Don’t be too surprised to see trainee project managers and their local MPs sharing pencil cases in lectures in the near future. The educating of all MPs in project management is one piece of industry reaction to the Infrastructure and Projects Authority’s (IPA’s) Annual Report on Major Projects published this summer.
Others are to halve the number of projects in the portfolio to improve quality and to make reporting and decision-making more accountable and transparent.
But before we look at those views, let’s have a few reminders of what the report said.
Traffic light system
There was certainly a fair amount of healthy news, with the government hailing its successful delivery of a best-ever 25 major projects over the previous 12 months. The IPA said that there are currently 184 major projects, with 95 joining and 36 leaving since the 2019 report.
Its traffic light system to outline delivery confidence found that there were seven projects in the red category, meaning that successful delivery appears unachievable. There were 44 amber/red projects, meaning successful delivery is in doubt, and 84 in amber, which means successful delivery appears feasible.
Only 12 were in green, meaning the projects are likely to come in on time, budget and quality.
As such, the government has determined there is a need to boost project leadership, capacity and expertise. This includes ensuring that all senior responsible owners (SROs) have the time, skills and support needed to deliver projects successfully, including IPA-led recruitment of expert major project leaders and ministerial and senior sponsor training.
Painting the Forth Rail Bridge
Professor Michael Bourne, director of the Government Project Leadership Programme at Cranfield University, says that between its programme and the Major Projects Leadership Academy at Saïd Business School (SBS), nearly 3,000 people have been trained in just seven years.
“Project leadership is not easy and there is a constant demand for it,” he says. “It’s like painting the Forth Rail Bridge in that you have to keep training because capacity is not as full as it should be. You need stamina and guts to be a project leader in government. We are trying to address the gap and doing a pretty good job.”
Part of that work is ensuring that project leaders know that they need to constantly respond to changes in projects. “They are not fixed, they evolve,” Bourne says. “Leaders have to live with what is going on.”
He praises the Orchestrating Major Projects Programme at SBS, which trains government ministers in project understanding, but believes more can be done.
“They are learning that when you come up with a policy, it is not always immediately deliverable. Project and change expertise is needed to make it happen,” he explains. “Personally, I believe you need to educate MPs before they become ministers. I’ve spoken to MPs, and they are keen. The earlier it is done the better.”
Like wading through treacle
Rhys Clyne, senior researcher at the Institute for Government, believes more civil servant expertise is also needed.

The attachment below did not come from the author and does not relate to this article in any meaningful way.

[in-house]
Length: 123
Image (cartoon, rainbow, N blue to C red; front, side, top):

“The forthcoming spending review is an opportunity to ensure that departments have enough resource, including civil servants with the right skills and experience, to manage and deliver these projects effectively,” he states.
But, argues programme manager Ian Koenig, very little progress will be made if the ecosystem around public projects remains intact.
“SROs do need to improve but the structure they are in tends to lead to poor and slow decision-making. It is rife in government projects,” he says. “There is also a lack of transparency in reporting where stuff is marked finished when it clearly hasn’t been. The culture is about image rather than progress. It needs true independent reporting and monitoring.”
Accountability also needs to improve, argues Martin Samphire, director at 3pmxl. “They are doing all the right things with SROs,” he says. “But one area reports fail to mention is SRO accountability. Every government department wants to put their finger in a project’s pie. It is like wading through treacle.”
He says that on one recent government major project he mapped out an ‘accountability hierarchy’ where certain departments were removed from decision-making.
“They had no project accountability. They just made a lot of noise,” he says. “You need to streamline the decision-making process, which is something the vaccination programme did so well. How can we lift those learnings into normal practice?”
If you can’t finish it, end it
Clyne suggests reducing the size of the project portfolio might help.
“It is good news that the recent trend of worsening confidence ratings has been stabilised, and even slightly reversed, this year. The proportion of projects rated red or red/amber reduced from 34 per cent to 28 per cent, and those rated green or green/amber increased from 17 per cent to 22 per cent,” he says. “But by reducing the portfolio size, they can concentrate expert resource on managing a smaller number of higher priority projects effectively.”
Koenig agrees on going slimline.
“No experienced project manager believes there were only seven red projects, given their hi-tech nature and complexity,” he says. “But even having 44 amber projects would see you being fired in the private sector! Half those ambers should be cancelled. If you can’t finish stuff, end it.”
It is clear the government sees projects and the project profession’s expertise as a way forward out of the crisis. But it is equally obvious that major change needs to take place in project leadership and strategy if it wants to meet its goals around net zero and levelling up in the years ahead.
You may also be interested in: